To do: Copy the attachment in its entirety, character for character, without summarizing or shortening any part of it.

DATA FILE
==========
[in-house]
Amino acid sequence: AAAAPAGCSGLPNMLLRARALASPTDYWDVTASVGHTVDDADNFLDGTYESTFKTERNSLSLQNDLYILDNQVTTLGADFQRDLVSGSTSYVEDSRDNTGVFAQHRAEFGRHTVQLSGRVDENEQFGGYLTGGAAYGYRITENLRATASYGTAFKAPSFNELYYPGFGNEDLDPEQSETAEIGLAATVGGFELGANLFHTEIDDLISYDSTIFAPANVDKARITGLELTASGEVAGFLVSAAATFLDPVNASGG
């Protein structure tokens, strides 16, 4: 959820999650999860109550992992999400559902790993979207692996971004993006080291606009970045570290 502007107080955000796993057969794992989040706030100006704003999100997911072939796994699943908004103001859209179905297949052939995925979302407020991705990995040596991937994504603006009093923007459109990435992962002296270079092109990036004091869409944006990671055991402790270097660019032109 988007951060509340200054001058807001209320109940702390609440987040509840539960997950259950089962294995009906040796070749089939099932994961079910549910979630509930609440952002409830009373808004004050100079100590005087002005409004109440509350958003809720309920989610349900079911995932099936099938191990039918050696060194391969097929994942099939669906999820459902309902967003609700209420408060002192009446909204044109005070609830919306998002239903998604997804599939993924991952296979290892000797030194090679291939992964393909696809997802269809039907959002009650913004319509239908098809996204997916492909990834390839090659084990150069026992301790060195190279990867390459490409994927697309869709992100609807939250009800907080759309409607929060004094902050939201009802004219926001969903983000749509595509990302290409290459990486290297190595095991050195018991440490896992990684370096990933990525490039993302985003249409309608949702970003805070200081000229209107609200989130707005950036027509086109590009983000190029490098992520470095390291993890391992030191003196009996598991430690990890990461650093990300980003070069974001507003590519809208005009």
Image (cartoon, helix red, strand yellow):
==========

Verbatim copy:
[in-house]
Amino acid sequence: AAAAPAGCSGLPNMLLRARALASPTDYWDVTASVGHTVDDADNFLDGTYESTFKTERNSLSLQNDLYILDNQVTTLGADFQRDLVSGSTSYVEDSRDNTGVFAQHRAEFGRHTVQLSGRVDENEQFGGYLTGGAAYGYRITENLRATASYGTAFKAPSFNELYYPGFGNEDLDPEQSETAEIGLAATVGGFELGANLFHTEIDDLISYDSTIFAPANVDKARITGLELTASGEVAGFLVSAAATFLDPVNASGG
């Protein structure tokens, strides 16, 4: 959820999650999860109550992992999400559902790993979207692996971004993006080291606009970045570290 502007107080955000796993057969794992989040706030100006704003999100997911072939796994699943908004103001859209179905297949052939995925979302407020991705990995040596991937994504603006009093923007459109990435992962002296270079092109990036004091869409944006990671055991402790270097660019032109 988007951060509340200054001058807001209320109940702390609440987040509840539960997950259950089962294995009906040796070749089939099932994961079910549910979630509930609440952002409830009373808004004050100079100590005087002005409004109440509350958003809720309920989610349900079911995932099936099938191990039918050696060194391969097929994942099939669906999820459902309902967003609700209420408060002192009446909204044109005070609830919306998002239903998604997804599939993924991952296979290892000797030194090679291939992964393909696809997802269809039907959002009650913004319509239908098809996204997916492909990834390839090659084990150069026992301790060195190279990867390459490409994927697309869709992100609807939250009800907080759309409607929060004094902050939201009802004219926001969903983000749509595509990302290409290459990486290297190595095991050195018991440490896992990684370096990933990525490039993302985003249409309608949702970003805070200081000229209107609200989130707005950036027509086109590009983000190029490098992520470095390291993890391992030191003196009996598991430690990890990461650093990300980003070069974001507003590519809208005009």
Image (cartoon, helix red, strand yellow):